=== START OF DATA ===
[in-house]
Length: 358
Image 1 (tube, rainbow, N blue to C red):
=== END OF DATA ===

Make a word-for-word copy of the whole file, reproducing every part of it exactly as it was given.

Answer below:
[in-house]
Length: 358
Image 1 (tube, rainbow, N blue to C red):